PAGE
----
Fly-Thru

Fly through L.A.’s massively upgraded Union Station in this new video

Architecture Transportation West
Fly through L.A.'s massively upgraded Union Station in this new video. (Courtesy MBI Media/Youtube)
Fly through L.A.'s massively upgraded Union Station in this new video. (Courtesy MBI Media/Youtube)

The Los Angeles Metropolitan Transportation Authority (Metro) has released a new promotional video showcasing preliminary designs for a collection of dramatic upgrades slated for the city’s Union Station railway and transit terminal in Downtown Los Angeles.

The fly-through video features conceptual designs for the improvements and demonstrates that designers for the project are thinking big as they aim to rework the historic Los Angeles Union Station building.

According to the video, a new circular, airport terminal–like elevated concourse will wrap between train platforms on the far eastern end of the complex, with the station’s many public transit connections scattered throughout the station’s western extents. The scheme calls for sandwiching an ADA-accessible vertical circulation core between the new structure and the existing station functions. The above-grade concourse will also feature retail spaces, wayfinding signage, and treetop views of the city, all looping around multiple train concourse platforms that will eventually include a depot for California’s forthcoming high-speed rail network.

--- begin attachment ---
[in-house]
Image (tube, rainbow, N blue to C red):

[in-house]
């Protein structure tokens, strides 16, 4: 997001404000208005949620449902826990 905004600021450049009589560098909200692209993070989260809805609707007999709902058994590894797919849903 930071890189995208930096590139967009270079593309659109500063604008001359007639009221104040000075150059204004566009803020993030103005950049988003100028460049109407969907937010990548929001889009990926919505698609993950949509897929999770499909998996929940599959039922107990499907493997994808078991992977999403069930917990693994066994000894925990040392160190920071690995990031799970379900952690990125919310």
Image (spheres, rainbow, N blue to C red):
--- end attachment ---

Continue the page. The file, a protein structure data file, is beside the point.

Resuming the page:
The new concourse is part of the ongoing LINK Union Station project that aims to add through service to the regional transit hub. Currently, several regional transit lines dead end at the station, an arrangement that will change once the improvements are made, allowing for faster travel times through the area, a reduction in necessary transfers between regional commuter rail lines, and expanded access and visibility for the hub.

Metro has not secured funding for the project, which according to certain estimates, could cost between $1.7 and $2.1 billion. The scheme will be in the running against a more expensive ground floor concourse concept that is still currently under development. For more information, see the Metro website.

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